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The Tuesday Market Minute

  • Global stocks mixed as China signals further progress in trade talks, adding to bullish tone in equity markets around the world.
  • Merger Monday momentum, which saw $70 billion in deals in less than 48 hours, lifts Nikkei to 13-month high.
  • European stocks slip from four year highs heading into U.S. holiday shortened week with trade-sensitive stocks leading Tuesday's modest advance.
  • Bond markets braced for $113 billion in fresh Treasury supply as well as a rare $3 billion sale from China priced in U.S. dollars.
  • Wall Street futures suggest modest opening bell gains for all three benchmarks ahead of earnings from Best Buy, Burlington Stores, Dollar Tree and Hormel Foods.

Market Snapshot

Wall Street futures edged higher Tuesday, while global stocks flirted with multi-month highs, amid renewed signals of progress in U.S.-China trade talks and an upbeat assessment on the domestic economy from Federal Reserve Chairman Jerome Powell.

China's Commerce Ministry said in a statement Tuesday that Vice Premier Lie He had made progress with its U.S. counterparts, including Trade Representative Robert Lighthizer and Treasury Secretary Steve Mnuchin, during a phone call late Monday and agreed to work towards implementation of the so-called Phase One agreement. 

The positive tone from Beijing followed a weekend move to overhaul its legislation on intellectual property protection, which many analysts have said suggests a willingness to reach an acceptable agreement with the United States ahead of planned tariffs on $160 billion in China made goods, which are set to kick in on December 15. 

Closer to home, Fed Chairman Jerome Powell painted a construction picture of the strength of the U.S. economy during a speech to the Greater Providence Chamber of Commerce in Rhode Island. Focusing on the labor market, Powell said it was possible for wages to continue to rise, even with unemployment running at five-decade lows, an assessment that suggests little chance of near term rate increase.

"At this point in the long expansion, I see the glass as much more than half full," Powell said. "With the right policies, we can fill it further, building on the gains so far and spreading the benefits more broadly to all Americans."

With an improving tone on trade, pliant central bank messaging and a tailwind from yesterday's $70 billion "Merger Monday" bonanza of deals, global stocks are well-placed to add to gains that have lifted markets for three consecutive months, even as U.S. investors prepare to shut down activity heading into the Thanksgiving holiday weekend.

U.S. equity futures, however, do suggest a muted open on Wall Street, which could reflect a lack of liquidity in the holiday-shortened week, with contracts tied to the Dow Jones Industrial Average indicating a modest 15 point gain while the broader S&P 500, which has gained 25% so far this year, is priced for a 0.3 point opening bell bump.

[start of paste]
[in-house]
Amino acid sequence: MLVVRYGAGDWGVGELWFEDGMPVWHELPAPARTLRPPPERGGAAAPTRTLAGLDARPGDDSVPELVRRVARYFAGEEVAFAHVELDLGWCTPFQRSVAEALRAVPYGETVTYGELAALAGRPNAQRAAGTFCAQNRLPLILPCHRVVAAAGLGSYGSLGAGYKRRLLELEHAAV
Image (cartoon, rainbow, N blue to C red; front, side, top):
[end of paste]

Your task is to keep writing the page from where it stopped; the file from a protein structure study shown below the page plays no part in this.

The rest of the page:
Part of the broader market sentiment this morning was also liked to Best Buy Co. (BBY)  , which posted better-than-expected third quarter earnings, while boosting its full-year profit guidance, and said it will launch a next-day delivery service for the coming holiday shopping season.

Dollar Tree Inc. (DLTR)  shares, however, slumped more than 10% after it posted softer-than-expected third quarter earnings and cautioned that tariff increases and store closure costs would trim its bottom line.

European stocks were little-changed by mid-day in Frankfurt, after closing at the highest levels since May 2015 last night, as the euro hovered around the 1.1021 mark against the U.S. dollar and investors protected recent gains heading into the Thanksgiving weekend.

Overnight in Asia, Japan's Nikkei 225 added 0.35% to climb back to its recent 13-month high at 23,373.32 points while the region-wide MSCI ex-Japan benchmark edged 0.01% higher heading into the final hours of trading. 

The U.S. dollar index was marked 0.02% lower against a basket of six global currency peers in early European trading, while benchmark 10-year Treasury note yields were seen one basis point higher at 1.759% amid a hefty week of new bond sales that will flood the market with $113 billion in fresh supply.

On top of that, China will tap the dollar bond market later today for only the second time in 15 years as it looks to raise $3 billion through the sale of 3-year, 5-year, 10-year and 30-year notes prices at a yield of between 60 basis points and 75 basis points higher than U.S. Treasury bond yields of similar maturity.

Perhaps reflecting some of the lagging market liquidity heading into Thanksgiving, global oil prices were little-changed in early Tuesday trading despite the bullish China trade sentiment and the modestly softer U.S. dollar. 

Brent crude contracts for January delivery, the global benchmark, were seen 19 cents higher from their Monday close and trading at $63.84 per barrel, while WTI contracts for the same month were marked 21 cents higher at $58.22 per barrel.